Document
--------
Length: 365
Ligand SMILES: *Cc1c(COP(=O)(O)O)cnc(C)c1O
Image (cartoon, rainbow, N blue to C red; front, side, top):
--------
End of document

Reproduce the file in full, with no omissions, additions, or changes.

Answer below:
Length: 365
Ligand SMILES: *Cc1c(COP(=O)(O)O)cnc(C)c1O
Image (cartoon, rainbow, N blue to C red; front, side, top):